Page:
We live and work in an age where the flow of news, information, and communication are instantaneous and continuous. Social media allows us to engage customers and vendors as well as old schoolmates in ways that would not have been possible in the past. And with very few exceptions, thanks to the current technology, we are always plugged into the data stream—unless we choose not to be.
The practice of periodically removing ourselves from technology high-tech devices has become known as “unplugging” and it seems to have gained popularity in recent years. There is even a National Day of Unplugging that takes place in March of each year. Of course you don’t have to wait until March to reap the benefits of a device-free day or even a device-free hour or two.
Why Unplug From Technology?
Let’s define unplugging as intentionally and completely removing access to electronic media, social and otherwise, by going device-free for a predetermined period of time. These devices would include mobile phones, tablets, laptop and desktop computers, televisions, and radios.
There have been numerous scientific studies pointing to the detrimental effects of device dependency, social media addiction, etc. But do we really need a scientific study to know that too much of a good thing can be bad for us?
But more than that, there is evidence that taking a device-free day can be beneficial in and of itself.
Benefits of Unplugging From Technology
Block those ads the old-fashioned way. They come at us from every possible direction. If you so much as think about buying a particular product, relevant ads begin appearing on virtually every app and web page that allows targeted advertising. Now imagine going a full day without having to see any of them?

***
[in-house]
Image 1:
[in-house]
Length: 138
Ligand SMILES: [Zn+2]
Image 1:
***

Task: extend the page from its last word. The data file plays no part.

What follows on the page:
Reduce stress at the source. Unplugging has been shown to reduce anxiety, depression, and the ever-present “fear of missing out” (FOMO). So why not park your worries for a while and recharge your mental/emotional batteries while your devices quietly recharge?
Give yourself the gift of time. Have you ever found yourself wishing you could add an extra hour to your day? Well, here it is. How often have you picked up your phone to check one thing only to put it down 30 minutes or more later? By eliminating such lengthy distractions, we can free up time.
Take control. As counter intuitive as this may sound, evidence seems to show that taking a periodic break from technology tends to make us more conscientious about our use of it. Perhaps this gives us the upper hand in taking control of our communications tools instead of the reverse becoming the case.
Achieve a better quality of life. This may very well be the ultimate benefit to be gained from taking the occasional deice-free break. With less media bombardment, lower stress, more time, and better self-control, we may just find that we eat better, get outside more for some fresh air and exercise, and perhaps find time for all those other activities that seem to have fallen by the wayside. We pay better attention to ourselves and those around us and in the end, it just feels better.
How to Be Device-Free
The first thing you need to know is that you absolutely can unplug for a while if you want to. Doing so will surely be easier for some than for others. Suffice it to say that habits, good or bad, can be difficult to break.
Not everybody is up for going a full 24 hours without being connected. Some of us would be prohibited from doing so for professional/occupational reasons. But we can all do something. Here are a few considerations.
Start small. If you can’t go a whole day unplugged, how about an hour? Consider starting or ending your day with a totally unplugged “quiet hour” for yourself. Then build from there.
Use a lifeline. If your profession requires you to be “on” at all hours of the day and night, consider setting up a reciprocal forwarding arrangement with a peer to take each other’s calls, messages, etc. during your respective hours offline.
Get help. If you find that you really can’t walk away from your devices, not even for a few minutes, consider seeing a professional counselor, therapist, or coach for help. There is no shame in trying to better one’s self personally and professionally.
And so unplugging has become a thing now and the potential benefits are substantial. When was the last time you were completely free from digital/electronic/broadcast communication? This may well be worth trying.
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